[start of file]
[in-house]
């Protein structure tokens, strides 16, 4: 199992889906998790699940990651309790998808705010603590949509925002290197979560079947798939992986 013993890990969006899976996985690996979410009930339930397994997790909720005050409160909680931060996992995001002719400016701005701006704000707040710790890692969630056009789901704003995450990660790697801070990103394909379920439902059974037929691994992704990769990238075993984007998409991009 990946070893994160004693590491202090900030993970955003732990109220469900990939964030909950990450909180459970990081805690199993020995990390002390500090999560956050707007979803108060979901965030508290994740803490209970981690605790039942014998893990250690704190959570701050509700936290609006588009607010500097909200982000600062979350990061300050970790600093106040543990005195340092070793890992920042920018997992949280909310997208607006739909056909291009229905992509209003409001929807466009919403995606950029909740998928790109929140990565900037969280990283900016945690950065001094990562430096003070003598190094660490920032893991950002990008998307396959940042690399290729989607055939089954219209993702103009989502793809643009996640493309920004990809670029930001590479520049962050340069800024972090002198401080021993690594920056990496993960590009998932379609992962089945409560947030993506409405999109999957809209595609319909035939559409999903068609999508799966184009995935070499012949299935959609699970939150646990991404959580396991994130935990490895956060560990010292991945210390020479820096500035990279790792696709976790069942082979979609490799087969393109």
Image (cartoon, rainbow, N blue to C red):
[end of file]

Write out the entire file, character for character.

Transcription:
[in-house]
């Protein structure tokens, strides 16, 4: 199992889906998790699940990651309790998808705010603590949509925002290197979560079947798939992986 013993890990969006899976996985690996979410009930339930397994997790909720005050409160909680931060996992995001002719400016701005701006704000707040710790890692969630056009789901704003995450990660790697801070990103394909379920439902059974037929691994992704990769990238075993984007998409991009 990946070893994160004693590491202090900030993970955003732990109220469900990939964030909950990450909180459970990081805690199993020995990390002390500090999560956050707007979803108060979901965030508290994740803490209970981690605790039942014998893990250690704190959570701050509700936290609006588009607010500097909200982000600062979350990061300050970790600093106040543990005195340092070793890992920042920018997992949280909310997208607006739909056909291009229905992509209003409001929807466009919403995606950029909740998928790109929140990565900037969280990283900016945690950065001094990562430096003070003598190094660490920032893991950002990008998307396959940042690399290729989607055939089954219209993702103009989502793809643009996640493309920004990809670029930001590479520049962050340069800024972090002198401080021993690594920056990496993960590009998932379609992962089945409560947030993506409405999109999957809209595609319909035939559409999903068609999508799966184009995935070499012949299935959609699970939150646990991404959580396991994130935990490895956060560990010292991945210390020479820096500035990279790792696709976790069942082979979609490799087969393109």
Image (cartoon, rainbow, N blue to C red):